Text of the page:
927 barred from entering Macau casinos in first 5 months of the year

927 barred from entering Macau casinos in first 5 months of the year

The bans were made for alleged involvement in money-changing.

Macau.- Sit Chong Meng, director of the Judicial Police, has reported that during the first five months of the year, authorities barred 927 people from entering casinos due to alleged involvement in money-changing. During a speech on Friday, Chong Meng said the decisions were made with the Gaming Inspection and Coordination Bureau (DICJ).

He said that in the same period, 1,942 unauthorised currency changers were banned from entering the city and 30 Macao ID holders caught had been referred to the Macao Monetary Authority, the city’s financial regulator. Meanwhile, the Judiciary Police investigated 579 gaming-related cases of antisocial activity, including a 66.7 per cent rise in gaming-related scam cases closely linked to currency exchange gangs.

The Judiciary Police probed 5,907 suspected crime cases in total, a 28.8 per cent year-on-year increase. Chong Meng said crimes related to gaming and tourism were on the rise but that money exchange scams had declined in recent months.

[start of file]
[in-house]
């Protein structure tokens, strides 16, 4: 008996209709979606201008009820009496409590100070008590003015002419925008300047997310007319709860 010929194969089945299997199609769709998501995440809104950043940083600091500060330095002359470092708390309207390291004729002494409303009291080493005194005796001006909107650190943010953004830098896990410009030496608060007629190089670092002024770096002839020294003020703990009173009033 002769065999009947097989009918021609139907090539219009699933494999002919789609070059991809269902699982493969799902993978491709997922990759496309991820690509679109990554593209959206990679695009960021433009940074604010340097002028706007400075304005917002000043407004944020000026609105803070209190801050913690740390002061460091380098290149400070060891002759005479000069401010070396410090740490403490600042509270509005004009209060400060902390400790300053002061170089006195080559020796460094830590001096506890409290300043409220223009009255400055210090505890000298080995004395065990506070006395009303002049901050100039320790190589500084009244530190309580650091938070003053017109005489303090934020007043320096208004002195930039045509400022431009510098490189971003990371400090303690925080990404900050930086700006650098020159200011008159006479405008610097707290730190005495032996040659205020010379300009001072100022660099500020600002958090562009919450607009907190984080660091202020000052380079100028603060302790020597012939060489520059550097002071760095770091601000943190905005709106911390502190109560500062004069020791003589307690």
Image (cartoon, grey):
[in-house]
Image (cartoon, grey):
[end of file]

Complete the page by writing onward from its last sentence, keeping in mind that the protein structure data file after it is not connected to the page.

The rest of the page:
See also: Macau gaming-related crime rises by 122% in Q1

Macau’s new gambling law won’t address illegal money exchange

The proposed Law on Combating Illegal Gambling Crimes will not include measures addressing illegal money exchange, though the Macau government has not dismissed the possibility of legislation on the matter in the future.

Lawmaker Chan Chak Mo, the head of the AL’s Second Standing Committee, told media that while the new bill does not target illegal money exchange, the government is aware of its impact on the gaming industry and local economy. He said the government is considering introducing penalties, such as entry bans for the activity.

The draft legislation, intended to replace the existing Illegal Gambling Law (Law 8/96/m), passed its initial reading at the Legislative Assembly of Macau in February and is under review by the Legislative Assembly (AL). The proposal outlaws under-the-table betting, also known as side or multiplier betting and authorises undercover operations to tackle illicit gambling. 

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